Fred Heimbach (tier3 solutions) and Richard Schmuck (Bayer CropScience)
An important point of any regulatory environmental risk assessment concerns the question whether adverse effects observed for individuals under controlled experimental conditions in the laboratory translate into significant (unacceptable) risks for populations in field environments. In field environments, individuals are not homogeneously exposed to contaminants, since the level of contamination often varies from one compartment to another (dilution of exposure), and population structures provide a resilient buffer against losses of individuals (resilience by loss compensation). Some systemic insecticides like nitro-substituted neonicotinoids reveal a very high acute toxicity to bee species, and even minute doses have been shown to cause significant adverse effects to individuals under controlled laboratory or field conditions. The purpose of this session was to capture the risks posed by systemic insecticides to bee species in their natural social and environmental context.
Twelve platform presentations were delivered in the session with eight presenting findings from differently designed field and field-monitoring studies where domestic honeybees, bumblebees and mason bees were exposed to residues of systemic neonicotinoid insecticides in artificial syrup, in natural pollen or nectar, or in drifted seed dust particles. One presentation examined the influence of these systemic insecticides on the immune system of honeybees, and one introduced a new class of systemic insecticides (diamides), which were shown to not pose an unacceptable risk to bee species. Two presentations introduced modeling approaches to examine our mechanistic understanding of field exposure patterns based on the foraging behavior of honeybees and the dissipation behavior of systemic compounds within the beehive. Another presentation followed up on the importance to adequately consider the ecological consequences of both, using and not using systemic compounds, in regulatory decision-making.
Presentations concerning exposure of bee species in field environments included studies with confined (dust particle exposure) and unconfined (exposure to residues in food) bee populations. These presentations demonstrated that exposure to low residues of systemic insecticides either in nectar, pollen, sucrose solution or drifted seed dust particles do not result in observable adverse effects to honeybees, bumblebees or solitary bees (mason bees). The effects of residues in natural nectar and pollen to managed honeybee colonies, bumblebee colonies and solitary bees were examined in one pair of similar landscapes of 65 km² in size, with controlled treatments in nearly 1,000 ha winter oilseed rape. It was discussed, with considerable disagreement, whether the six test locations within each landscape can be regarded as true replicates. Also, the treatment of the majority of oilseed rape fields in both landscapes with pyrethroids was further challenged, although it was acknowledged that these compounds were classified as non-hazardous to bees and were necessary to ensure the health of the oilseed rape plants, which otherwise would have differed in their attractiveness and nutritional value for the examined bees. Finally, the potential ecological consequences of a suspension of systemic neonicotinoid insecticides and their substitution by less effective products was summarized from a food production and trade-flow perspective, and it was emphasized that the environmental risks of substitutes need to be carefully examined not to risk an even poorer environmental record in the end.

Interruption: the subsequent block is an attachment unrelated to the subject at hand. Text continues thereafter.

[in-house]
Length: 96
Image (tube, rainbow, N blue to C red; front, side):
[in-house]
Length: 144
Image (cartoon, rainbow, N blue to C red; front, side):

The session on field evidence-based risk assessment of systemic insecticides was very well attended with over one hundred attendees for several presentations. The key points for the 12 presentations included:
- Field and field-monitoring studies provide the most valuable input data for a solid evaluation of risks
- Field and field-monitoring studies need to compromise between statistical power (replication) and standardization of environmental conditions (level of control of other impact factors)
- Data modeling and weight of evidence approaches are considered as highly supportive tools to reduce uncertainties in interpretation of field data and to make these highly relevant data usable for regulatory decisions
- An effective and environmentally protective regulation requires an appropriate integration of field data and a comprehensive consideration of the ecological impacts of both, the use and non-use of (specific) agrochemicals
Authors’ contact information: firstname.lastname@example.org and email@example.com